Let G have order pq, where p and q are distinct primes. Prove G is either cyclic or every element x≠e in G has order p or q
One corollary of LaGrange's Theorem is that the order of every element in G is a divisor of the order of G, which means it is either order p or order q, since those are the only divisors of |G|. The only other possibility for order of elements is that an element can have order pq, which by definition means it is cyclic. (not so sure on this part, I think that is correct though).
Yes. I do beleive that is correct.
Problem: Let $\displaystyle G$ have order $\displaystyle pq$, where $\displaystyle p,q$ are distinct primes. Prove $\displaystyle G$ is either cyclic or every element $\displaystyle g\in G-\left\{e_G\right\}$ has order $\displaystyle p$ or $\displaystyle q$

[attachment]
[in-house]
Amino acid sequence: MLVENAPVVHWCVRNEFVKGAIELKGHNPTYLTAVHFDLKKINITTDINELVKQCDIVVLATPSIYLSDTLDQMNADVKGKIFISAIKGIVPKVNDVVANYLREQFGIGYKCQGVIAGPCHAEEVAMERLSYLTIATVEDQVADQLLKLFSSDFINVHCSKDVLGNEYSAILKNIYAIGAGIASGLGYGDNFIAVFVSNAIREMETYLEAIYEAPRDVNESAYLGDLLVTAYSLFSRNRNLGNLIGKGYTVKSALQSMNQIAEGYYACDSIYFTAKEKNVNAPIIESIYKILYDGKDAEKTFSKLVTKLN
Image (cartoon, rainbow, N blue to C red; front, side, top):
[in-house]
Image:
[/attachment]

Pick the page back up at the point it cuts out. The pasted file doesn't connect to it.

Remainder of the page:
Proof: As was stated we know that if $\displaystyle a\in G$ that $\displaystyle \text{ord}(a)|\text{ord }G$. Now suppose that $\displaystyle g\in G-\left\{e_G\right\}$, we must have that $\displaystyle \text{ord}(g)|pq$ and since $\displaystyle p,q$ are distinct primes this is only true if $\displaystyle \text{ord}(g)=p,q, \text{or }pq$. If $\displaystyle \text{ord}(g)$ equals the first two we are done. Otherwise we'd have that $\displaystyle \text{ord}(g)=pq$ which means that $\displaystyle \left\{e_G,g,g^2,\cdots,g^{pq}\right\}$ are distinct elements. If there existed a $\displaystyle g_1\in G$ such that $\displaystyle g_1\notin \langle g\rangle$ we'd have that $\displaystyle \text{ord }G\ge pq+1$ which is clearly false. Thus $\displaystyle G=\langle g\rangle\quad\blacksquare$.